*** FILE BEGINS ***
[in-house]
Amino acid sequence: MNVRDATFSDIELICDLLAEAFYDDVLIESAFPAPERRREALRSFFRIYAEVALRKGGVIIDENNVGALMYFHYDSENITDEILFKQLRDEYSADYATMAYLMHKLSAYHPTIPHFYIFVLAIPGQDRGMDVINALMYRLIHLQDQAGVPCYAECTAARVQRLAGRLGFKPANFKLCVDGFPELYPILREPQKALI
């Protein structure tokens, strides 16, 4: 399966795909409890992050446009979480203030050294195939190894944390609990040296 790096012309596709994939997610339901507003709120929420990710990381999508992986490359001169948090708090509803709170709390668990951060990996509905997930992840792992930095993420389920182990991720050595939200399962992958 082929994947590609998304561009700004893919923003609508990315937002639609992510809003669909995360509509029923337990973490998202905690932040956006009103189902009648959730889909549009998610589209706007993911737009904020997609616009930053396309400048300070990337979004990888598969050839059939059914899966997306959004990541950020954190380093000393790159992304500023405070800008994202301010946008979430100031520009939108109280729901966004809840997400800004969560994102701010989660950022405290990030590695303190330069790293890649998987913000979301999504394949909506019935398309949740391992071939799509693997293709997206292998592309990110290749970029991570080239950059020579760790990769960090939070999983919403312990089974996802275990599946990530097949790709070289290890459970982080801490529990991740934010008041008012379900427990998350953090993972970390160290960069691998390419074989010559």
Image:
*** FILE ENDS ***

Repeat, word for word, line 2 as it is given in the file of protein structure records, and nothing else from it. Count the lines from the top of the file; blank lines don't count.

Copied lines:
Amino acid sequence: MNVRDATFSDIELICDLLAEAFYDDVLIESAFPAPERRREALRSFFRIYAEVALRKGGVIIDENNVGALMYFHYDSENITDEILFKQLRDEYSADYATMAYLMHKLSAYHPTIPHFYIFVLAIPGQDRGMDVINALMYRLIHLQDQAGVPCYAECTAARVQRLAGRLGFKPANFKLCVDGFPELYPILREPQKALI